When I first saw the title for this book, my heart skipped a beat. ‘Dream London’, what a brilliant idea! I’m a rabid Anglophile as well as a huge Science-Fiction/Fantasy fan. For me, the title alone sang with possibilities. Not to mention the gorgeous cover illustration by Joey Hi-Fi, who did the cover art for one of my favourite books ever, ‘Zoo City’ by Lauren Beukes. I was sold already. The opening chapters didn’t disappoint. Ballantyne has a gorgeously rich, descriptive writing style that carries you along effortlessly.
As the book went on however, I felt like I’d been set up. To be honest I felt cheated. On finishing the book I would have thrown it across the room in sheer frustration and annoyance – if I hadn’t been reading it on my iPad. I’ve waited a few days before writing this review because they say you should never do anything in anger but frankly, my opinion hasn’t mellowed much. If I were to pass the author in the street I may be tempted to confront him and screaming maniacally, “Really?? ANTS!! That’s the BEST you could come up with!!”
The scene of Dream London is initially perfectly set up, we’re introduced to a Tim Burtonesque landscape which you are at first willing to forgive it’s occasional cheesy deviation. After all, this is a place described as ‘dream’ London and the weird and the wacky are what we would expect, right? I admit when a character was first described as having eyes on his tongue, I had to clap my hand over my mouth to stop myself from crying out, “Beetlejuice!”.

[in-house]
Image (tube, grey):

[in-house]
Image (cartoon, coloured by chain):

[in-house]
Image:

Our main character, is Captain Jim Wedderburn. A ‘lovable’ rogue, a hustler and a flesh-peddler, looking after his girls in a corner of this other-London. We discover that the London landscape has been slowly and inexorably altered, The buildings grow taller, the suburbs shift and change as do the personalities of the people that inhabit them. It seems that although there are still ways to enter London, it’s almost impossible to leave.
Captain Jim is on the run from almost everybody, a filthy-mouthed little girl working for the mysterious Daddio; a love-lorn woman who believes Jim is her soul mate; Alan, the effeminate dandy looking to recruit him; the forces of Angel Tower as well as government agents from America and India hellbent on figuring out what has happened to London and to stop it from spreading.
The problem is that the plot goes nowhere. You are introduced to a cast of colourful characters, including Jim himself who never do much of anything and are impossible to care about. At every chapter, I had high hopes that something more would be revealed, that the threads would come together and paint a convincing narrative – but it just never happened.
At one point a character suggests, “Dream London isn’t a fantasy Jim, it’s science fiction.” Wow. You’re caught up again and you think, “Yes, this could be brilliant, go on! Tell me more!”
However, it’s shortly after this that I felt like I had been sold a ticket to the greatest ride on earth and then discovered that it was a kiddies train that went round and round, in pointless circles.
So I apologise in advance because this is really just my opinion but ‘Dream London’ gets a D for disappointment.